The joys of keeping fish as pets are well-known by amateur and experienced hobbyists alike. With a seemingly endless variety of species, a novice fish keeper may be faced with some tough choices. Which types of fish should I get? How many?
A good way of making your choices is to pick the species which have been proven to be appropriate beginner fish. Generally they are hardy, small in size, they aren’t picky eaters, (some fish will not only eat “live” foods) they don’t produce massive amounts of waste, have a harmonious disposition and will tolerate other fish. (Meaning they are not particularly territorial) These traits make them easy to care for.
It would be good to set up your freshwater aquarium in the appropriate environment that your fish are used to. For example, if you have lots of schooling fish, make sure to leave ample space for them to gather and swim. If you have a fish that is generally shy or secretive, give him a few hiding spots. Doing some research on the characteristics of the fish you decide to keep will assure that your wet pets are happy.
Now, onto the species…
Tetras – These are perhaps the most common starter fish available. There are numerous kinds and all are very inexpensive. As they are considered “schooling” fish, they do well in groups of 6 or more.
Minnows, Danios, Rasboras, and Barbs – Very hardy. They come in multiple colours and design patterns. Interesting, if not endearing schooling behavior.
Gouramis – Generally peaceful, they have an interesting look and come in various colors. There is also a type of this species known as “kissing” gourami. Surely these fish can add a bit of personality to your tank.
Guppies, Platies, and Swordtails – Very colorful and have unique features. They stay small. (Usually, no more than 3 inches) Very peaceful and thrive in a community environment.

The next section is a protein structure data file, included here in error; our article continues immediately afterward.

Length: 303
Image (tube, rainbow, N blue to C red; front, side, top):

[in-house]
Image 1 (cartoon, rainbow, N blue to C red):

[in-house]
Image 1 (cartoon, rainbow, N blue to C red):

Loaches, Cory Cats, Plecostomus and other bottom feeders – Let’s start with loaches. These fish have a unique look as they have a bottom oriented snout. Good for taking care of your snail population, if you happen to have a problem with it. Usually secretive and nocturnal, these would do well in pairs.
Cory Cats are named aptly so because they have what appear to be whiskers. They use these to sift the bottom for excess food. These guys are dynamic and seem to have lots of energy.
Plecostomus are a good addition because they mainly feed on algae and excess food. They have tough scales and boast a suction cup mouth. They are quite interesting to watch when feeding. There are some rare ‘plecos’ which do cost more, but the regular ones are widely available and fairly cheap.
One important aspect you must remember, is the size of your tank (it is usually advisable to have no less than 10-15 gallons) will determine the number of fish that are appropriate to have. A general rule of thumb is one inch of fish for every gallon of water. Do not make the common mistake of overpopulating your starter tank. If you do, you will soon find the levels of dangerous chemicals (produced by waste) will quickly get out of hand.
Keep your fish happy and healthy and they will provide you with an interesting, if not relaxing view into their world.